The Industrialization of Celilo Falls, and its failures, pt 5

 By Sean Cruz

Portland, Oregon—

The pressure on Native fishers and fish stocks throughout the Columbia River system was relentless and took many forms, both on and near the river and in distant courtrooms:

“During the 1880s and 1890s, fish wheel owners had aggressively displaced Indians from many of the “usual and accustomed places” reserved in their 1855 treaties with the U.S. government. Although the case of U.S. v. Winans (1905) upheld the right of Native Americans to access the fisheries, Seufert Brothers did not hesitate to challenge Indian fishing when it conflicted with company interests. In addition to blasting tribal sites to make way for fish wheels, the company tried to drive away Native competitors such as Sam Williams, an enrolled Yakama who operated a scow from a moorage on company land. In the resulting lawsuit, U.S. ex. rel. Sam Williams v. Seufert Brothers (1919), company attorneys tried to establish that the Yakama Nation had no fishing rights south of the Columbia River. Seufert Brothers lost the case but ultimately succeeded in forcing Williams to work for them.” –The Oregon Encyclopedia

“By the turn of the (20th) century at least seventy-six fish wheels were in operation on the Columbia, most concentrated at the Cascades and in The Dalles-Celilo area.” –Oregon Historical Society

The Seufert Brothers were one of many white-owned companies and white individuals that laid claims of ownership to both banks of the Columbia River and all of the islands within its flow, despite the ages-old presence of many tribes and the established tribal fishery at Celilo.

In 1926, Oregonians voted to outlaw fish wheels on the Columbia River, and the state of Washington banned their use in 1934. Salmon runs were already in decline, just a few decades after attaining statehood.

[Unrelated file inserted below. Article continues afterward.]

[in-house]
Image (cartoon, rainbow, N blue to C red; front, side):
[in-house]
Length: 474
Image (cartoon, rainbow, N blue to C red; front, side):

Ironically, Congress authorized the construction of the Dalles – Celilo Canal and later the dam at The Dalles in part out of concern for the monopoly that the railroads then held in transporting goods and commodities through the Columbia Gorge. Some felt that the competition from river transport would induce the railroads to reduce freight rates, and the funds were committed.

The flooding of Celilo Falls and the opening of the navigation locks at The Dalles in 1957, however, would result some fifty years later in an effective monopoly of the navigation lock itself by a single barge company, Tidewater.

The middle section of the Columbia River has proven to be ill-suited for use as a shipping channel, to the detriment of other potential uses of the river, and today there is only an average of three barge tows a day on the entire river. For this, we sacrifice Celilo Falls?

The Army Corps of Engineers had a vision of transforming the Columbia River into a series of lakes, linked by navigation locks. It was the 1950’s; there was the Korean war, the Cold War well underway, and the aluminum smelters that were lining the River craved prodigious amounts of electricity.